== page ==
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Construction Claims Monthly - Devoted exclusively to the problems of construction contracting since 1963

Top 5 Contract Clauses That Poison Construction Projects (CCL861V)

  • Product Format
    Pre Recorded Webinar
  • Presenter(s)
    Zach Jones
  • Conference Date
    Thu, September 8, 2016
  • Length
    90 minutes

Avoid These 5 Contract Clauses to Avoid Litigation in Your Construction Projects

Not all construction projects end in litigation—only bad projects.  Despite that, owners, designers, and contractors continue to shape their contractual agreements around the experiences of these bad projects. This is the primary reason construction agreements—regardless of the form—include clauses that are destined to send any project spiraling toward litigation the second anything goes wrong.  So what’s the solution?

This presentation by expert speaker Zach Jones may provide you the solution by identifying and avoiding the top five clauses that poison construction projects.  These clauses create undue burden on the management and their support staff, cause friction between the members of the team, and generally reduce productivity and increase the chance for litigation.

This session will provide you a valuable understanding of construction contract clauses and you’ll learn the important dos and don’ts for contract negotiations. You’ll know which important contracts to watch out for when reviewing contracts and learn to better manage the contract negotiation process.

For all those who want to avoid litigation—and the expense and disruption it brings with it—this presentation is for you.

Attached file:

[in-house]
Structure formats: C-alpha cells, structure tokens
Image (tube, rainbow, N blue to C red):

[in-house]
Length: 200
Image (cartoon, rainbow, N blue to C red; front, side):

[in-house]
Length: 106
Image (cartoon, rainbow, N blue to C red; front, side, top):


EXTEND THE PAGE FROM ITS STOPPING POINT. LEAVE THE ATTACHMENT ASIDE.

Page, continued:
Session Highlights:

In particular, the speaker will discuss the inherent problems with the following clauses:

  • Poorly Worded Scope of Work: The most critical clause in any construction contract.
  • No Damage for Delay: Why No damage for delay clause is a source of constant friction.
  • Pay If/When Paid: Understand the risks of Pay if or Pay when clauses.
  • Change Order Requirements (and no waiver clauses): Why are they too complicated?
  • Retainage: The pros and cons explained

Who Should Attend

  • Contractors, suppliers, and vendors who bid or negotiate public contracts:
  • CEOs and business unit managers of contractors, designers, or owners;
  • Project managers, engineers, estimators, and other contractor personnel;
  • Architects, engineers, and other design consultants;
  • CFOs and Controllers for owners, designers, and contractors; and
  • Real estate developers and consultants who advise private owners
 

Order Below or Call 1-800-223-8720 Today!

 
 

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About the Presenter(s)

 

Zach Jones is a construction attorney in Louisville, Kentucky, with the firm of Stites & Harbison who represents contractors across the country and around the world.  Prior to becoming an attorney, Zach was a project eng...More Info

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